05/10/15 Monday, BONDI -

Journalist Paul Kelly, at a recent History Forum in Blackheath, had a nice story about Peter Bowers, who, as I relate in my life-book, was my first “teacher” when I was a first-year cadet at the Tele in 1959, and who played a role in the later careers of both me and Sandra. Kelly and Whitlam’s Press corps were on a flight to Peru, because for some reason The Great Man had decided to pay a State visit to Lima, from where he intended to tour the Inca ruins in the Andes. Bowers had written a piece on the visit, and brought along a copy of the paper to show Gough. But when he showed it first to Kelly, who was there for The Australian, Paul had to point out to him that the Aztecs were in Mexico, not Peru. (Fortunately for Bowers, Gough didn’t read the piece.) When Bowers was news editor at the SMH office in London, he did us both a bad turn. He refused to give Sandra a vacant job “because there are too many birds in the office”, and when I took the job, he made my job so unpleasant that I resigned. My abiding memory of him was at the 1976 post-Dismissal conference in Melbourne (as I relate in my life-book). The Press covering the event were invited to a formal dinner at the end of the conference. We sat round a Press table in our dinner suits (and a long dress for Michelle Grattan). Whitlam spoke first, and the Press table applauded warmly when he sat down. The new PM Fraser got up to speak, and Bowers and most of the Press table (including Kelly) hissed him. Only I and Alan Barnes didn’t, and Alan (whom I admired greatly) turned to me and said: “I am ashamed to sit at this table.” My opinion of Bowers, who died recently, can be imagined.

06/10/15 Tuesday, BONDI -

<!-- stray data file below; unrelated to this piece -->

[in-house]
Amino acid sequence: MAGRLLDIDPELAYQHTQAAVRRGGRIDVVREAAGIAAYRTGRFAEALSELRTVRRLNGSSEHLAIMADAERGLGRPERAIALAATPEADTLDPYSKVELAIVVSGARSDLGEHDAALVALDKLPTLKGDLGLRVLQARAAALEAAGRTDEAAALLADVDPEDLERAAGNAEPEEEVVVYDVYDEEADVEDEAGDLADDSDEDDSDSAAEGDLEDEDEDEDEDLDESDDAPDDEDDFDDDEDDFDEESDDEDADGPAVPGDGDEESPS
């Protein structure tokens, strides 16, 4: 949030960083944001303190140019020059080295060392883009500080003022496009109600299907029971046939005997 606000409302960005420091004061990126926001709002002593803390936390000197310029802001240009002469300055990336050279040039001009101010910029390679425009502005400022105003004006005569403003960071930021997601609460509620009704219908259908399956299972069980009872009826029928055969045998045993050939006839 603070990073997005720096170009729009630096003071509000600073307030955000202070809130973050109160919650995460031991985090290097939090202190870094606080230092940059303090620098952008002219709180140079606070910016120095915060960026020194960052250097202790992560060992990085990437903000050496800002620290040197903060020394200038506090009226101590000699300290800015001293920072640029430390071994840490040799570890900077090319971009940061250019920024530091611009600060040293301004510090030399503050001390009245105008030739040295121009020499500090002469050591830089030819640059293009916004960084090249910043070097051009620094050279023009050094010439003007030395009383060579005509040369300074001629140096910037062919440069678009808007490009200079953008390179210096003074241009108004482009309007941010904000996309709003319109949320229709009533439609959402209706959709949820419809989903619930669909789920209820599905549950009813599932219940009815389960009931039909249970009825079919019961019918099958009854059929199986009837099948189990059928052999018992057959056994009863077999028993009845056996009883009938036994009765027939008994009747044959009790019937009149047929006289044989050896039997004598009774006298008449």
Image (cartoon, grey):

I was watching a “red carpet” event on TV and noted a “star” signing “autographs” for the waiting fans. I once had an “autograph book”. That was back in the days, when I was a kid, when collecting autographs was a popular hobby – for boys, for I don’t think girls collected autographs. I do not remember how many I collected, and can only recall two of them. One was from a former Mayor of Waverley called Hogan who was related to the boy (David Hogan) up the street with whom I used to “play”. (“Play” deserves an entry in itself.) The other was of a former Mayor of Sydney, Ernie O’Dea, whom my mother must have known from somewhere, and managed to get his signature in my autograph book. Ernie made a name for himself as Secretary of the Shop Assistants Union, and the sworn enemy of Saturday and other irregular shopping hours. (Something to be remembered on yesterday’s Labor Day holiday, which used to be called “Eight Hour Day”.)   I don’t know what happened to my autograph book, for I didn’t keep it for long. Later I did manage to acquire two better-known signatories, though not in my autograph book. One was of a former Australian cricket captain, Bert Collins, whom my mother also must have come across, and he signed the flyleaf of my two-volume 1903 Cricket of Today book (which my grandfather had sent over from NZ for me). Someone later tore the page out, and snitched it, for it is no longer there, though I still have the pageless book. I seem to recall Collins said something encouraging about my cricket ambitions, which, alas, were never realised. (See my stamp-collection diary entry, 29/12/14 above.) The other, and much-more-famous autograph Sandra acquired for me in America when she was working (briefly) for Sixty Minutes. I had asked her to look out for a copy of the Seltzer first-edition of Kangaroo, and she managed to find one in a bookshop in San Diego (for $US13.50). It was a good buy, but how good I did not know until I opened the flyleaf, which was signed “Raymond Chandler/Los Angeles 1923”. This was more than a decade before his first novel, The Big Sleep, was published (in 1938). That was an autograph coup of the first order, and now has pride of place in my collection of Lawrence first-editions.